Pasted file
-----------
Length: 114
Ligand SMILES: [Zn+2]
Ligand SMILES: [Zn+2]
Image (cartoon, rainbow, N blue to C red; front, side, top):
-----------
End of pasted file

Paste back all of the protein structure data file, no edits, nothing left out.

Length: 114
Ligand SMILES: [Zn+2]
Ligand SMILES: [Zn+2]
Image (cartoon, rainbow, N blue to C red; front, side, top):